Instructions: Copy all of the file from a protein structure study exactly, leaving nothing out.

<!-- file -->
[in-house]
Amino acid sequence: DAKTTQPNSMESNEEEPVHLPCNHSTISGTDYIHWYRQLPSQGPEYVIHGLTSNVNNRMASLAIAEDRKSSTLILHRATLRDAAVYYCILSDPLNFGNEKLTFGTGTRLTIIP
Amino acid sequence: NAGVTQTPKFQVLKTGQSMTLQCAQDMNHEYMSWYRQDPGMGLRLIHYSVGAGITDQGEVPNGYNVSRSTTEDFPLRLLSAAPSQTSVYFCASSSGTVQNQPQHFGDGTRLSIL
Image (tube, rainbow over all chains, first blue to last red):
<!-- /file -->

[in-house]
Amino acid sequence: DAKTTQPNSMESNEEEPVHLPCNHSTISGTDYIHWYRQLPSQGPEYVIHGLTSNVNNRMASLAIAEDRKSSTLILHRATLRDAAVYYCILSDPLNFGNEKLTFGTGTRLTIIP
Amino acid sequence: NAGVTQTPKFQVLKTGQSMTLQCAQDMNHEYMSWYRQDPGMGLRLIHYSVGAGITDQGEVPNGYNVSRSTTEDFPLRLLSAAPSQTSVYFCASSSGTVQNQPQHFGDGTRLSIL
Image (tube, rainbow over all chains, first blue to last red):